MARS 28.75%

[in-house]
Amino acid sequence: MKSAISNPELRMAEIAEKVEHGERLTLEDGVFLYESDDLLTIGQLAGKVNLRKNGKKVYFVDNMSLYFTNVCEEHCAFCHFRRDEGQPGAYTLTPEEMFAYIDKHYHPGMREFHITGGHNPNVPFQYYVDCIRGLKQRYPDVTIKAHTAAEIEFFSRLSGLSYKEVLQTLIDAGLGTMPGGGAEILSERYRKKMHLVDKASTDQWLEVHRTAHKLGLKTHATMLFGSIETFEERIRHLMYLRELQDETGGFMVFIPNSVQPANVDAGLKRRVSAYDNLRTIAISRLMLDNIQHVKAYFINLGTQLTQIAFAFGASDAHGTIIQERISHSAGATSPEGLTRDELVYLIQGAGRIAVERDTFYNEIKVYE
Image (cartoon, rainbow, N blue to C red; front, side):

With Jupiter the principal deity of the inhabitants of Italy, and therefore honoured with particular reverence by the Latins and Romans from the very earliest times, especially as the latter regarded him as the father of Romulus, the founder of Rome. He was held to be the son of Juno, who bore him in consequence of touching a wonderful spring-flower, and the husband of Nerio or Nerlene, a goddess of strength. Through the emphasising of one of his attributes he gradually came to be considered as, above all, the god of war; for originally he is at the same time one of the mightiest gods of nature, who accords fertility and protection to fields and herds. The first month of the old Roman year was dedicated to him as the fertilizing god of spring; in the very ancient chant of the Arval brothers (q.v.), at the May-day festival of the Dea Dia, the help and protection of Mars were demanded. In earlier times he was also invoked at the hallowing of the fields (See AMBARVALIA), that he might bless the family, the field and the cattle, and keep off sickness, bad weather, and all else that did harm. (Cp. ROBIGUS.) In later times the names of Ceres and Bacchus were substituted for his on this particular occasion. At the festival on 15th October (see below) a horse was sacrificed to him to insure the fair growth of the seed that had been sown. As god of war he had the special name Gradixus, the strider, from the rapid march in battle 1 (Cp. QUIRINUS), and his symbols were the ravenous wolf, the prophetic and warlike woodpecker, and the lance. When war broke out, the general solemnly invoked his aid, by smiting his holy lance and the holy shields (ancilia -see ANCILE) with the cry, Mars, awake! (Mars vigila!) Many sacrifices were also offered to him during the campaign and before battle; and in his name military honours were conferred. The Field of Mars (Campus Martius) was dedicated to him as the patron god of warlike exercises; contests with battle-steeds, called Equirria, were there held in his honour on the 27th February, 14th March, and 15th October. On the last-mentioned day the horse on the right of the victorious team was sacrificed on his altar in the Field of Mars; it was known as the horse of October (October equus), and its blood was collected and preserved in the temple of Vesta, and used at the Palilia for purposes of purification. The cult of Mars was entrusted to a special priest, the flamen Martialis (see FLAMEN), and the college of the Salii (q.v.), which worshipped him more particularly as god of war. His principal festival was in March, the month sacred to him. As early as the time of king Tullus Hostilius, Pavor and Pallor, Fear and Pallor, are said to have been worshipped as his companions in the fight, in sanctuaries of their own. Augustus caused him to be honoured in a new form, as Mars Ultor (avenger of Caesar), in the magnificent temple in the Forum Augusti, consecrated B.C. 2, where statues of him and of Venus, as the two divine ancestors of the Julian family, were set up. In later times he was identified completely with the Greek Ares (q.v.).